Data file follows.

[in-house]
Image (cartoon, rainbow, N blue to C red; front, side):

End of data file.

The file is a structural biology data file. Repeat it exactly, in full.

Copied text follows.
[in-house]
Image (cartoon, rainbow, N blue to C red; front, side):